Catholic League president Bill Donohue comments on media treatment of Cardinal Daniel DiNardo:

There have been hundreds of media stories on Cardinal Daniel DiNardo in the month of November, and many were critical. He is the Archbishop of Galveston-Houston and chairman of the U.S. Conference of Catholic Bishops (USCCB). The treatment was often unfair, and leading the way was a CBS story that ran a week ago.

First of all, why DiNardo? The short answer—that he is the head of the USCCB and the bishops assembled in Baltimore two weeks ago for their biannual meeting—is incomplete. Why did the media go after Cardinal Donald Wuerl when the Pennsylvania grand jury report was issued in August (he previously served as Bishop of Pittsburgh)?

Wuerl was targeted because he was the most senior clergyman cited in the report. It did not matter that he had one of the best records of any bishop in the nation handling cases of sexual abuse—he was the biggest fish that the Church’s foes could fry. That was certainly true of Pennsylvania Attorney General Josh Shapiro; he was aided and abetted by the media. As I told my staff at the time, the next target will be another senior prelate.

CBS began its story by reporting on Rev. Manuel La Rosa-Lopez. He was arrested during the summer for allegedly abusing two minors. Here is what the viewers were not told.

The alleged abuse of a teen male took place at the end of the last century. The alleged victim never said a word about it until August 2018. As soon as this case was reported to the archdiocese, officials contacted the Children’s Protective Services. The next day an arrest warrant for the priest was issued, and he voluntarily turned himself in that evening.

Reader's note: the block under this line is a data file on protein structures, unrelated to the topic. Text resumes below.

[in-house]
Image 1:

Why didn’t CBS tell its viewers this? By the way, DiNardo did not become Archbishop of Galveston-Houston until 2006.

The other alleged victim was a woman who claimed the priest kissed and fondled her when she was a teenager. She wrote about the priest in her diary, confessing that she was in a romantic relationship with him. When did this allegedly happen? In 2000. Curiously, she came forth with her story only days after the alleged first victim came forth with his old story.

Why didn’t CBS tell its viewers this?

The CBS news story focused mostly on two other priests, Rev. John Keller and Rev. Terence Brinkman.

CBS said that Keller molested a 16-year-old male in 1998; it was reported to the archdiocese four years later. Keller denied that the fondling ever happened. An archdiocesan lay review board investigated this case and could not substantiate the accusation.

The CBS story said that Brinkman allegedly sodomized a 12-year-old male in the 1970s. The priest denied this happened. The lay review board investigated this case and could not substantiate the accusation.

These two cases—one from more than 20 years ago and the other from over 30 years ago—were the only accusations ever made against either priest during their 40 years of service to the archdiocese. Too bad CBS didn’t tell this to its viewers.

It’s also too bad that CBS didn’t report that the archdiocese responded to more than 30 questions submitted by the network, yet, according to Church officials, “almost all of our responses [were] completely ignored by the CBS team.”

Cardinal DiNardo deserves better. But in this sick environment, where priests are considered guilty before proven innocent—and high-ranking members of the clergy are seen as meriting even fewer rights—anything is possible. The public is being set up to believe the worst about the Catholic Church. That is the real story behind these accounts.

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